Corner Iris Picture

Digital Photography Tips

by Margie Valenzuela

By invitation I sit here writing this article, and as I do, I am honored to write and share whatever tips I may have. I hope these tips I share will prove helpful and beneficial to all those who wish to take better photos of our much loved flower - the iris.

A few years ago, I began my photo adventure with irises. The first thing I noticed was that irises (just like us) have "bad hair days" too. So, here are a few tips on how to photograph irises at their best:

  1. When taking a photo of a particular variety of iris - search for the loveliest specimen available. The lovelier the specimen, the lovelier your photo. (If no flower lives up to it beauty - wait for another day)
  2. Walk slowly around the chosen iris, looking for its best side. You always want to capture its best side.
  3. Be aware of how shadows and light play on or behind your chosen specimen. Look at it from all angles. Sometimes light streaming in from the side or behind the iris will cause the iris to look more luminescent. Shadows can create a dramatic look. Early morning shots, or evening shots, tend to soften the look of the iris being photographed. With every shot, one needs to work with nature.
  4. Be aware of the background. What textures are available to accent the iris, or to cause the iris to stand out? Most of the time you just need to work with what's there. However, if you have irises in pots, you can move them to different locations creating a more suitable background that would tend to enhance the flower.

Next, working with your digital camera is another major area with which to familiarize yourself with. Here are a few tips I learned over the last several years. (I currently use a 4 year-old Sony DSC-S70 digital that came with a Carl Zeiss MTF lens which does a top notch job in reproducing the subject for clarity and contrast.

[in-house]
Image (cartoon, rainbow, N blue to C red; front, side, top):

1. Digital zooming deteriorates the picture quality. So....... it's best not to use digital zooming, but if you choose to, do so only slightly in conjunction with the use of a higher resolution.
  2. I find the best photos are taken when I use a higher Image size/resolution (like 1280x960 or higher). It does take up more space on the memory stick and the size is quite large, but it's worth the clarity. Investing in a larger memory stick is definitely worth the investment.
  3. Up-ing the Sharpness Level and/or Focus Level option in conjunction with the higher resolution - - makes for great computer photos, reproduced photos on photo paper, as well as poster size print-outs. To sharpen/focus more - click the up arrow to +1, or +2, etc. until you reach the desired setting. That should work for correcting any deficiency in sharpness.
  4. Using a 'macro' option on the camera can make a world of difference in the clarity of close-up photos.
  5. Many digital cameras also have a built in microphone - so you are able to record the name of the iris (or subject) as you are taking the photo. (That comes in very handy!)
  6. Later, on the computer I can cut away the excess, without cutting away the size of the desired subject or reducing the quality of the photo. If I do reduce the total size of the photo it's still better quality than beginning with a lower resolution/Image size - such as 640x480.

An important step for finishing up one's digital photos is using a computer program (such as Paint Shop Pro, or Photo Shop) to help with cropping, additional sharpening or softening if needed, etc.

Note: Photo quality IS compromised a little though when compressed for displaying the photo on the internet, so expect some deterioration.

In conclusion, I hope if anything I shared here enables you to take better photos - then this article has done its job. Personally, I find the longer I have my camera and experiment with it, the more I find my skills improve. So shall it be with you. And like you, I too am still learning tips along the way with every photograph I take.